Two British scientists have warned that the UK Government’s definition of fracking could risk environmental harm.
In a letter published in Nature on 23 August Stuart Haszeldine of the University of Edinburgh and geophysics expert David Smythe write that the government’s legal definition of hydraulic fracturing has “little rational or scientific basis”.
As DeSmog UK first revealed in 2015, under the UK Infrastructure Act fracking is defined based on the volume of fluid used during oil and gas extraction: 10,000 cubic metres or more per well. This is much higher than the threshold for “high-volume hydraulic fracturing” in the US (between 2,000 and 2,500 cubic metres per well). The definition originates from a report conducted on behalf of the European Commission.
Haszeldine and Smythe argue that this means if companies keep the volume of fracking fluid to less than 10,000 cubic meters per well, they would “evade environmental obligations” – this includes restricting fracking near protected groundwater resources, near sites of special scientific interest or national parks.
The two scientists also worry that government definitions of unconventional oil and gas resources could open up fracking to be classed as “conventional hydrocarbon exploration”.
This is because, as they explain, shale rock is classed as an unconventional source of oil and gas according to the government. This is compared to limestone and sandstone rock being classed as conventional. In doing so, the category of “tight” limestone and sandstone falls into a grey area – such tight oil and gas is typically extracted using fracking techniques.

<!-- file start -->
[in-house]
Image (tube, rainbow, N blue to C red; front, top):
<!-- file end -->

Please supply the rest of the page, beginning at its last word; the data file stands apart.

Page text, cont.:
Based on these definitions, any oil and gas extraction from conventional sources or extraction involving less than 10,000 cubic metres of fluid would not be considered fracking even if the same techniques are used.
Haszeldine and Smythe argue that this has implications for exploratory drilling currently taking place in south east England.
They write: “Current exploratory drilling in the United Kingdom’s Weald Basin is registered as ‘conventional’ because the hydrocarbon licensees are testing thin limestone layers in the shale and are not yet fracking.
“Assuming the UK licensees start [high-volume hydraulic fracturing], they can then in principle claim that it is conventional hydrocarbon production by keeping the fracking fluid volume to less than 10,000 m3 per well, which would evade environmental obligations specified in the 2015 UK Infrastructure Act.”
This loophole could also have implications for future planning applications. As part of the Conservative Party manifesto, Theresa May pledged to “legislate to change planning law for shale applications. Non-fracking drilling will be treated as permitted development”.
While it’s not specified what “non-fracking drilling” is, it’s likely to include exploratory drilling and conventional onshore extraction, and anything falling below the 10,000 cubic metre threshold for fracking.
Photo: Pixabay | CC0